Chauvet Cave - 40,000 yrs BC
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17-02-2015, 05:09 PM
Chauvet Cave - 40,000 yrs BC
Curious if anyone knows much about this cave? I watched a documentary regarding the cave and found it astounding. I won't ask if anyone has ever BEEN to the cave considering they'll only let in visitors 2 weeks out of the year to preserve it. Due to carbon dating and based on the 'cave popcorn' that has grown on the walls and artwork found under some of the cave popcorn they can easily conclude the artwork found in the cave to be at least 40,000 yrs old. Let the dead horse beatings begin but I'm not here to discuss the young earth claim. Let's just call a spade a spade and move past that point.

As documentaries often due, while watching this one I began dealing with a number of thoughts. For some reason I don't believe the origins of religion come from any other source aside from man. Smartass Sorry God worshipers. And so the myth began at some point in time and for some reason. I'm curious what your ideas are on that? Why did religion come into existence? When do you think it occurred?

My quick opinion is this. I think when we began to evolve a brain capable of understanding/thinking abstractly, this might have been a social issue as those "thinkers" could gain an advantage on others. You can see chaos being a staple of life without some myth governing the people. Animals only tend to murder for survival but humans will murder for sport. I think an abstract mind will take the act of murdering for survival and consider the benefits of murdering for other reasons. Perhaps the birth of greed, jealousy, etc. I don't see an animal capable of thinking on this level. At some point during the evolutionary process we crossed the line of being less of an animal and more of a abstract thinking ape/caveman and it may have been about 40,000 years ago. I don't recall learning of this theory in the history books so I think I'm safe from any "Japs bombed Pearl Harbor" jokes. Big Grin

For me the only certainty is that religion came into existence by humans to control wide swaths of population as a device. When did this happen is the only question in my mind.
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17-02-2015, 06:49 PM
RE: Chauvet Cave - 40,000 yrs BC
I think once the size of human tribes/civilizations began to greatly exceed the size of their governing bodies/leaders they needed to find a way to keep them in line.
By introducing a god type system with a reward/punishment foundation, the leaders found they could control large populations with far less actual manpower.
Manpower was much better utilized attacking other tribes.

When you have primative people who think the worst possible thing they can imagine will happen to them after they die unless they behave, you can bet your ass most of them will behave. With minimal supervision no less.

Now we have so-called intelligent, modern humans who still buy into the afterlife reward/punishment system.
It's psychological control on a huge scale and it is abused constantly.

As far as when this all started, my best guess is when human population growth really started to take off.
Sorry, I don't have a better time frame for you.
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17-02-2015, 07:12 PM
RE: Chauvet Cave - 40,000 yrs BC
(17-02-2015 06:49 PM)pablo Wrote:  I think once the size of human tribes/civilizations began to greatly exceed the size of their governing bodies/leaders they needed to find a way to keep them in line.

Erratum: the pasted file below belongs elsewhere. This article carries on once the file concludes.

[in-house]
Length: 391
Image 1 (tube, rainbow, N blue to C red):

Ever hear of Dunbar’s Number?

http://en.wikipedia.org/wiki/Dunbar's_number

"Dunbar's number is a suggested cognitive limit to the number of people with whom one can maintain stable social relationships. These are relationships in which an individual knows who each person is and how each person relates to every other person. This number was first proposed in the 1990s by British anthropologist Robin Dunbar, who found a correlation between primate brain size and average social group size. By using the average human brain size and extrapolating from the results of primates, he proposed that humans can only comfortably maintain 150 stable relationships...”

Tangentially correlated I think.

“I am quite sure now that often, very often, in matters concerning religion and politics a man’s reasoning powers are not above the monkey’s.”~Mark Twain
“Ocean: A body of water occupying about two-thirds of a world made for man - who has no gills.”~ Ambrose Bierce
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17-02-2015, 07:15 PM
RE: Chauvet Cave - 40,000 yrs BC
I love the Chauvet cave art. I've got a giant (and overly expensive) book featuring prints of the paintings. I'm pretty sure I've seen the documentary of which you speak. Werner Herzog has a voice that will put you to sleep, but the film is great.

As for the origins of religion, I've posted about this before. You can see it here:

http://www.thethinkingatheist.com/forum/...f-religion
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17-02-2015, 09:19 PM
RE: Chauvet Cave - 40,000 yrs BC
(17-02-2015 06:49 PM)pablo Wrote:  I think once the size of human tribes/civilizations began to greatly exceed the size of their governing bodies/leaders they needed to find a way to keep them in line.
By introducing a god type system with a reward/punishment foundation, the leaders found they could control large populations with far less actual manpower.
Manpower was much better utilized attacking other tribes.

When you have primative people who think the worst possible thing they can imagine will happen to them after they die unless they behave, you can bet your ass most of them will behave. With minimal supervision no less.

Now we have so-called intelligent, modern humans who still buy into the afterlife reward/punishment system.
It's psychological control on a huge scale and it is abused constantly.

As far as when this all started, my best guess is when human population growth really started to take off.
Sorry, I don't have a better time frame for you.

Not so surprising, religion was also an invaluable tool for getting members of your tribe to attack other tribes.